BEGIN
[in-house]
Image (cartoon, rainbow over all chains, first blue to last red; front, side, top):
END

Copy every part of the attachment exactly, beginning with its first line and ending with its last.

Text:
[in-house]
Image (cartoon, rainbow over all chains, first blue to last red; front, side, top):